Paralyzed Rats Gain Ability to Walk, Run

Hope for humans with spinal cord injuries, as paralyzed rats learn to walk and run

Rats paralyzed by spinal cord injuries learned to walk again in a Swiss lab study, scientists reported Thursday.

Gregoire Courtine and his team at Ecole Polytechnique Federale de Lausanne treated rats suffering from severe paralysis with a combination of electrical and chemical stimulation of the spinal cord along with robotic support, The New York Times reported.

“Our rats are not only voluntarily initiating a walking gait, but they are soon sprinting, climbing up stairs and avoiding obstacles,” said Courtine, whose results from the five-year study were published in the journal Science on Thursday.

The study spurs hope that the techniques may one day be used to treat humans with spinal cord damage, but Courtine emphasized that it remains unclear if this will be possible. It is unknown if this kind of electro-chemical treatment could help a spinal cord that has been damaged for a long time. Also, few human spinal cord injuries are a result of a direct cut through the cord, which is what the rats had.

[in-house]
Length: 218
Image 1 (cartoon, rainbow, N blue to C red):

"This is not a cure for spinal cord injuries," Courtine told Scientific American, "but what we are working on is quite surprising and encouraging. It's a very different concept from what has been done before, clearly showing that what is really important is to promote a highly functional state during training."

Courtine said he hopes to begin human trials in a year or two at Balgrist University Hospital Spinal Cord Injury Centre in Zurich.

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